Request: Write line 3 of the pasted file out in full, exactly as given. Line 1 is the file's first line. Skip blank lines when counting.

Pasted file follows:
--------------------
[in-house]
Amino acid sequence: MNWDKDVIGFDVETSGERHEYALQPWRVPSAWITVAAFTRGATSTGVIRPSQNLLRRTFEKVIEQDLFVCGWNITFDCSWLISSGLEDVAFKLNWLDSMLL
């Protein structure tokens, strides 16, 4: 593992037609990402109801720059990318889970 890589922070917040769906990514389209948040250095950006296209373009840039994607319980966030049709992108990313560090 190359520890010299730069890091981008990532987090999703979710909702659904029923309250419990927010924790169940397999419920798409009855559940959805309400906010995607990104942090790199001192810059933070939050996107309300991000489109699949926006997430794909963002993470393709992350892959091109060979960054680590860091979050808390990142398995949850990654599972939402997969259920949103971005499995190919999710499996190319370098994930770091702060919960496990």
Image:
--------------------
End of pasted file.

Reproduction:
């Protein structure tokens, strides 16, 4: 593992037609990402109801720059990318889970 890589922070917040769906990514389209948040250095950006296209373009840039994607319980966030049709992108990313560090 190359520890010299730069890091981008990532987090999703979710909702659904029923309250419990927010924790169940397999419920798409009855559940959805309400906010995607990104942090790199001192810059933070939050996107309300991000489109699949926006997430794909963002993470393709992350892959091109060979960054680590860091979050808390990142398995949850990654599972939402997969259920949103971005499995190919999710499996190319370098994930770091702060919960496990």